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posted on 28 December 2015

Owner Occupancy Fraud And Mortgage Performance

from the Philadelphia Fed

-- this post authored by Ronel Elul and Sebastian Tilson

We use a matched credit bureau and mortgage data set to identify occupancy fraud in residential mortgage originations, that is, borrowers who misrepresented their occupancy status as owner occupants rather than residential real estate investors. In contrast to previous studies, our data set allows us to show that such fraud was broad based, appearing in the government-sponsored enterprise market and in loans held on bank portfolios as well.

Mortgage borrowers who misrepresented their occupancy status performed worse than otherwise similar owner occupants and declared investors, defaulting at nearly twice the rate. In addition, these defaults are significantly more likely to be "strategic" in the sense that their bank card performance is better and utilization is lower.


Policymakers and the popular press have cited anecdotal evidence to suggest that one of the contributing causes to the housing bubble was pervasive mortgage fraud.1 Recent academic work has also verified the existence of mortgage fraud along several dimensions. Ben-David (2011) finds evidence of inflated prices. Griffin and Maturana (2015a) examine three dimensions of fraud among securitized nonagency loans: unreported second liens, owner occupancy misreporting, and appraisal overstatements. Piskorski, Seru, and Witkin (2015) study second lien misreporting and occupancy fraud in the nonagency securized market. Mian and Sufi (2015) argue that borrowers misstated their incomes on mortgage applications.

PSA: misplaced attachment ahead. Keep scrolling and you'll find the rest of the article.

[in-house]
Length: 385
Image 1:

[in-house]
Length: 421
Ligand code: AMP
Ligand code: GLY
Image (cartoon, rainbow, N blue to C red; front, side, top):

In this paper, we use a matched credit bureau and mortgage dataset to identify occupancy fraud in loans originated between 2005 and 2007. This occurs when mortgage borrowers claim on the mortgage application that they will be the owner occupants of the property, will not rent the property out to another individual or family, and do not intend to sell the property quickly. Borrowers may have an incentive to commit occupancy fraud because the benefits can be substantial: Banks often require declared residential mortgage investors to offer higher down payments and charge them higher interest rates because of the elevated default risk of investor loans (which we also document in this paper). In contrast to previous work, our data allow us to confirm that occupancy fraud was pervasive and did not just affect private-securitized loans. We show that more than half of all investors were fraudulent. And this applied to government-sponsored enterprise (GSE) - guaranteed, private securitized, and portfolio-held loans (by contrast, Federal Housing Administration (FHA) loans exhibited markedly lower fraud rates).

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